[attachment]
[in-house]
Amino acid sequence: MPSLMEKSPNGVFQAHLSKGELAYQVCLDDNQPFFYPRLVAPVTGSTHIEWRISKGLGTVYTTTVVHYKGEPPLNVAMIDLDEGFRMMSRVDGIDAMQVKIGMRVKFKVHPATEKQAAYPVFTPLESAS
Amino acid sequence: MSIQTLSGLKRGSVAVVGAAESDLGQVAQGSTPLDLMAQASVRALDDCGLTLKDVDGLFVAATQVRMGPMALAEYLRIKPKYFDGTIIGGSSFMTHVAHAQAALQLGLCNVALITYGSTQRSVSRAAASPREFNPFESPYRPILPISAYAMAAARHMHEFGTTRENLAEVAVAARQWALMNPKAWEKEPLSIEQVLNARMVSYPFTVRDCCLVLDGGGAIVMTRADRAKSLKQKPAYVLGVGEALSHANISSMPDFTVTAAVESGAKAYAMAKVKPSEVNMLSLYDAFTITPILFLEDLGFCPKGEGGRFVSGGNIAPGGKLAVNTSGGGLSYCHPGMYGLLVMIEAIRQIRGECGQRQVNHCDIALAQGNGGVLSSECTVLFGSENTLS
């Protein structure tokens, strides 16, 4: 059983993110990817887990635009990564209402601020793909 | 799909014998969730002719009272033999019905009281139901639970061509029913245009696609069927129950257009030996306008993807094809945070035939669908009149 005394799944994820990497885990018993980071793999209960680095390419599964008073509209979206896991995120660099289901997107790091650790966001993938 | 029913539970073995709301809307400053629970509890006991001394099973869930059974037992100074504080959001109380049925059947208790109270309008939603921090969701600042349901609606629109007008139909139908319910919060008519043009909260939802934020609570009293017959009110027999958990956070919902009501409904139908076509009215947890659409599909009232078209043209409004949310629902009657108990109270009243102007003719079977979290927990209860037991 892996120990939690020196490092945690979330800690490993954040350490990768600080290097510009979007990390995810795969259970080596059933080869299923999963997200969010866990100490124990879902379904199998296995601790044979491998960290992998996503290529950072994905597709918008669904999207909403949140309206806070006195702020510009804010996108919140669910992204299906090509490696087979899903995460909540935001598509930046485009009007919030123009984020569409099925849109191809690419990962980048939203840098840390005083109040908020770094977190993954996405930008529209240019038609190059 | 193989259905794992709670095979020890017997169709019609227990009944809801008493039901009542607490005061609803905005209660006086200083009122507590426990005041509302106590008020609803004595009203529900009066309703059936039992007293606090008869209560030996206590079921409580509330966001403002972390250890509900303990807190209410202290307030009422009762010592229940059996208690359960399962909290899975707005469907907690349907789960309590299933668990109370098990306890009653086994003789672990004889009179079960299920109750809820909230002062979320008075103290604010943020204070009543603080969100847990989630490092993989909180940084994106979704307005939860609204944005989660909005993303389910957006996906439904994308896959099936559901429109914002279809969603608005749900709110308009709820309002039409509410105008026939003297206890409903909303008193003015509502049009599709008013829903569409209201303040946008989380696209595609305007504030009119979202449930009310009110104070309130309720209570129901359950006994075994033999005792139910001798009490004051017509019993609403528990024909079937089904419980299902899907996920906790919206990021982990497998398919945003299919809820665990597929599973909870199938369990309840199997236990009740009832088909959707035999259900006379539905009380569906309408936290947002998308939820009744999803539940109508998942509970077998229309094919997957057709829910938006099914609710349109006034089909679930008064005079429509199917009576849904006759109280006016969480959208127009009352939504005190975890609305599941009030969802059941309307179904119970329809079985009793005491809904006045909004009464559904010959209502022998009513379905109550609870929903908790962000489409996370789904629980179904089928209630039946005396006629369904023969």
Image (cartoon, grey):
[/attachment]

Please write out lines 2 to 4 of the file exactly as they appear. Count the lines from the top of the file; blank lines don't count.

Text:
Amino acid sequence: MPSLMEKSPNGVFQAHLSKGELAYQVCLDDNQPFFYPRLVAPVTGSTHIEWRISKGLGTVYTTTVVHYKGEPPLNVAMIDLDEGFRMMSRVDGIDAMQVKIGMRVKFKVHPATEKQAAYPVFTPLESAS
Amino acid sequence: MSIQTLSGLKRGSVAVVGAAESDLGQVAQGSTPLDLMAQASVRALDDCGLTLKDVDGLFVAATQVRMGPMALAEYLRIKPKYFDGTIIGGSSFMTHVAHAQAALQLGLCNVALITYGSTQRSVSRAAASPREFNPFESPYRPILPISAYAMAAARHMHEFGTTRENLAEVAVAARQWALMNPKAWEKEPLSIEQVLNARMVSYPFTVRDCCLVLDGGGAIVMTRADRAKSLKQKPAYVLGVGEALSHANISSMPDFTVTAAVESGAKAYAMAKVKPSEVNMLSLYDAFTITPILFLEDLGFCPKGEGGRFVSGGNIAPGGKLAVNTSGGGLSYCHPGMYGLLVMIEAIRQIRGECGQRQVNHCDIALAQGNGGVLSSECTVLFGSENTLS
């Protein structure tokens, strides 16, 4: 059983993110990817887990635009990564209402601020793909 | 799909014998969730002719009272033999019905009281139901639970061509029913245009696609069927129950257009030996306008993807094809945070035939669908009149 005394799944994820990497885990018993980071793999209960680095390419599964008073509209979206896991995120660099289901997107790091650790966001993938 | 029913539970073995709301809307400053629970509890006991001394099973869930059974037992100074504080959001109380049925059947208790109270309008939603921090969701600042349901609606629109007008139909139908319910919060008519043009909260939802934020609570009293017959009110027999958990956070919902009501409904139908076509009215947890659409599909009232078209043209409004949310629902009657108990109270009243102007003719079977979290927990209860037991 892996120990939690020196490092945690979330800690490993954040350490990768600080290097510009979007990390995810795969259970080596059933080869299923999963997200969010866990100490124990879902379904199998296995601790044979491998960290992998996503290529950072994905597709918008669904999207909403949140309206806070006195702020510009804010996108919140669910992204299906090509490696087979899903995460909540935001598509930046485009009007919030123009984020569409099925849109191809690419990962980048939203840098840390005083109040908020770094977190993954996405930008529209240019038609190059 | 193989259905794992709670095979020890017997169709019609227990009944809801008493039901009542607490005061609803905005209660006086200083009122507590426990005041509302106590008020609803004595009203529900009066309703059936039992007293606090008869209560030996206590079921409580509330966001403002972390250890509900303990807190209410202290307030009422009762010592229940059996208690359960399962909290899975707005469907907690349907789960309590299933668990109370098990306890009653086994003789672990004889009179079960299920109750809820909230002062979320008075103290604010943020204070009543603080969100847990989630490092993989909180940084994106979704307005939860609204944005989660909005993303389910957006996906439904994308896959099936559901429109914002279809969603608005749900709110308009709820309002039409509410105008026939003297206890409903909303008193003015509502049009599709008013829903569409209201303040946008989380696209595609305007504030009119979202449930009310009110104070309130309720209570129901359950006994075994033999005792139910001798009490004051017509019993609403528990024909079937089904419980299902899907996920906790919206990021982990497998398919945003299919809820665990597929599973909870199938369990309840199997236990009740009832088909959707035999259900006379539905009380569906309408936290947002998308939820009744999803539940109508998942509970077998229309094919997957057709829910938006099914609710349109006034089909679930008064005079429509199917009576849904006759109280006016969480959208127009009352939504005190975890609305599941009030969802059941309307179904119970329809079985009793005491809904006045909004009464559904010959209502022998009513379905109550609870929903908790962000489409996370789904629980179904089928209630039946005396006629369904023969």